“I met with Bishop Sullivan, the attorney for the diocese, and the chancellor,” Caffrey said. “About 10 days after my meeting, Monsignor O’Brien announced from the altar that he was taking a sabbatical. He said, ‘I’m so happy. I’ve wanted to do this for so long.’ ”
At the time, Caffrey had been driving a carpool that included Tom Jr. and two altar boys, Chuck Caffrey and Brian Teeman.
“He was real nice, clean-cut,” Caffrey said of Brian.
Yet something seemed amiss. Over the next two months, Caffrey said, he noticed a change in the boy.
He could watch Brian in the rearview mirror.
“Brian would sit there and look up at me very longingly,” Caffrey said. “I kept thinking, ‘This young man wants to talk to me about something.’ But I really didn’t know what to do, how to handle it. I wasn’t but much of a kid myself.”
• • •
Brian Teeman’s parents, Don and Rosemary, hadn’t heard the talk about O’Brien. And Brian never spoke about Monsignor.
“We never suspected anything,” Don Teeman said. “You didn’t ask about a priest’s history. Especially 28 years ago.”
The Teemans were devoted parents who worked hard — Don at the Hallmark Cards distribution center, Rosemary at Western Electric — so they could afford to send Brian and his younger sister, Jackie, to Catholic schools. They were pleased that Brian was spending time at the church and had continued to be an altar boy after entering Archbishop O’Hara High School — something many other boys his age had stopped doing.
“He was a freshman in high school and he was up there serving Mass,” Don Teeman said. “Most kids would say, ‘I’m above this now. ’ ”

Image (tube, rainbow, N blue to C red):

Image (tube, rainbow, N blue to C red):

Brian was a “perfect gentleman,” his friends and family say. He was tall — 5 foot 9 at age 14 — and he loved sports, especially basketball, baseball and skiing. Brian also liked to hunt, which he and his dad often did together.
“He was good at whatever he did,” Don Teeman said. “He wasn’t the best in the class, he wasn’t the smartest, but he had good grades, and I never, ever heard him say a bad word.
“I used to kid him. I’d say, ‘I think you’d make a good priest.’ ”
At the start of Brian’s freshman year, his parents noticed something.
“He isolated himself from us,” Rosemary said. “He was quiet, stayed in his room.”
They figured it had something to do with the transition from Nativity to O’Hara, a much bigger school.
• • •
Nov. 1, 1983, was one of those cold, dreary, rainy fall days. Perfect hunting weather. It was opening day of quail season, and Don and Brian planned to go that weekend. A few days earlier, Don had bought Brian a 20-gauge Springfield shotgun from a neighbor.
“I said, ‘That would make my son a good little safe gun.’ That’s what you want them to start out with,” Don Teeman said.
Brian was waiting outside when sister Jackie got home from school, locked out of the house. She had the key with her that day because he had planned on going to basketball tryouts after school.
The two went inside, and Brian headed to his room to get started on homework.
Around 4:30 p.m., their mother told the kids they needed to run to the grocery store.
“Mom, I don’t want to go,” Brian said.
“Come on, we won’t be that long. We’re just going to pick up a few things.”
“I don’t want to go, Mom. You go.”
“OK, Jackie, let’s go.”
Rosemary and Jackie came home an hour later. As they turned in the driveway, Rosemary noticed that the light was on in the master bedroom.
“Why would Brian be in our bedroom?” she thought. “The kids never go in our bedroom.”
She and Jackie unloaded the car, unlocked the front door of their one-story wood frame house and stepped inside.
Rosemary looked toward the bedroom and screamed. The groceries crashed in a heap on the floor.
Monday: The story continues.